Lessons Learned – Conduct
Finally, here is some advice for how an architect should behave:
18. Be open, humble, and willing to expose your mistakes.
19. Take charge, set directions.
20. Don’t listen to management.
21. An architecture that is not actively used will die. Motivating stakeholders to participate, is an ongoing challenge.
Some architects treat the architecture as their own property, and see organizational stakeholders primarily as sources of information. Other inexperienced architects see themselves too much as enablers, and become followers of the whims of strong forces in the organization. Managers are of course important stakeholders, and generally also important sources of information for an architecture. We should however be cautious, as relying to one-sided on management perspectives can make it difficult to capture the concerns of the core, value-adding work performance. A typical result is business process models that include several activities for administration, planning, monitoring, reporting, reviewing, quality control, setting up, and closing etc., but very few details about how the actual work is to be performed. Management views should be complemented by operational views.
In the short term, the future development of enterprise modeling practice is likely to remain dominated by enterprise architectures for IT management. In this area, standardization of modeling languages is beginning, e.g. BPMN, and it will probably be a major trend in the next five years. Compared to e.g. UML, enterprise modeling deals with a much larger scope of content, and aims to support a much larger set of practices. Standardization will be more difficult in this domain. Whether any single dominant vendor will emerge with a strong enough position to establish a de facto industry standard, is difficult to tell. If we end up relying on a poorly suited metamodeling framework from another domain, such as UML/MOF, the complexity of even a limited general purpose enterprise modeling language may prevent its use in practice.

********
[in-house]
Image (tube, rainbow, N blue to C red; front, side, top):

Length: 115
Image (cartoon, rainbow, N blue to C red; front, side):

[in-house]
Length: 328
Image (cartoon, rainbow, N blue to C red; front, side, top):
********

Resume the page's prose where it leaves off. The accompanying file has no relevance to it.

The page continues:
Over the past decade, more and more EA frameworks have been proposed, often targeting different industries and application areas. Most proposals position themselves with reference to general purpose frameworks such as Zachman and TOGAF, but further alignment is hampered by the great complexity. A simplified TOGAF core should probably be established as a first step towards a consolidated, extensible standard EA framework, capable of supporting domain specific extensions. The core framework should include the definition of standard modeling concepts, but it is difficult to predict whether the framework or the language standard will arrive first.
Industrial design and development is in need of a language for capturing and sharing knowledge throughout the entire product lifecycle. While interoperability is becoming a reality between the tools used in the later stages of product development, conceptual and functional systems design is still not integrated. In these early stages, documents, rather than structured data/models, are still dominating. To develop enterprise modeling languages for conceptual and functional design is thus a major challenge for future research.
Finally, we see enterprise model driven applications as a promising approach to construct more customizable, agile, modular and service-oriented IT solutions. Pilot solutions applying what we call “active knowledge architectures” (AKA) show that applications can indeed be put together from simple building blocks, using high level enterprise models. AKA execution environments combine
- Model-driven data definition and management,
- Model-driven process, task, and rule execution,
- Model-driven views and user interfaces,
- Model-driven role-based filtering and access control.
From this perspective, standard enterprise modeling languages should be aligned with industry standards for data exchange. More information about our ideas for future modeling approaches and model-driven applications is found in the other posts on this blog.